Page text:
An Unusual Case of Congenitally Corrected Transposition of the Great Arteries in the Elderly
A 56-year-old man1–4 with a history of mild dyspnea for several years and without cardiovascular risk factors was referred to our institution for coronary angiography. Before he was admitted to the hospital, a transthoracic 2-dimensional echocardiogram (TTE) was performed. The TTE was not diagnostic enough because of a suboptimal acoustic window and a technetium-99m single photon emission computed tomography pharmacological (dipyridamole) stress test that showed a mild, reversible left ventricular septal perfusion defect. On admission to our institution, the patient was asymptomatic and had no signs of heart failure on physical examination; however, a mild systolic (grade 2) murmur was heard on cardiac auscultation.
An ECG at rest showed a sinus rhythm with normal PR interval and complete left bundle-branch block that had been previously diagnosed (Figure 1). The patient underwent coronary artery angiography, which showed a common origin of both the left and right coronary arteries from right coronary sinus (Figure 2 and Movie I) without coronary artery stenosis. Left-sided ventriculography showed a dilated and morphologically hypertrophic right ventricle (triangular-shaped structure with inlet, trabecular, and outlet components) with normal systolic function and mild regurgitation of the atrioventricular valve (Figure 3 and Movie II). A congenitally corrected transposition of the great arteries (L-TGA) was suspected. TTE confirmed the diagnosis, showing a normal visceral situs, levocardia, and atrial situs but abnormal apical displacement of the left atrioventricular valve (Figure 4). Moreover, the left ventricle showed the moderator band crossing the apex of the chamber. Diagnosis was completed with a transesophageal echocardiogram that clearly showed a right ventricle–shaped left ventricle with a mildly regurgitant tricuspid atrioventricular valve that had an abnormal apical displacement (Figure 5 and Movie III) and abnormal atrioventricular and ventriculoarterial connections with aorta arising from right ventricular outflow tract (Figure 6). A mitropulmonary continuity was also detected with transesophageal echocardiogram (Figure 7 and Movies IV and V). The 2 great arteries did not loop around each other but rather were parallel (Figure 7), with the aorta placed anteriorly left and pulmonary artery placed posteriorly right (Figure 8). No associated congenital cardiac defects were identified. The patient was discharged from the hospital with medical therapy and referred for clinical follow-up.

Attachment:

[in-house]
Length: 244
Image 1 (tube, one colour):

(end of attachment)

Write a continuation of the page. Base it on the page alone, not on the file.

L-TGA is a rare form of congenital heart disease, accounting for <1% of all congenital heart defects. It is characterized by an atrioventricular and ventriculoarterial discordance. It is very unusual to find L-TGA without any other associated cardiac anomalies.
The online-only Data Supplement, which contains Movies I through V, is available with this article at http://circ.ahajournals.org/cgi/content/full/117/ 24/e485/DC1.
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